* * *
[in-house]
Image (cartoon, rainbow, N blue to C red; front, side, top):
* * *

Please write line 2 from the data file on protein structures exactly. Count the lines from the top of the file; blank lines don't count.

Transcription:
Image (cartoon, rainbow, N blue to C red; front, side, top):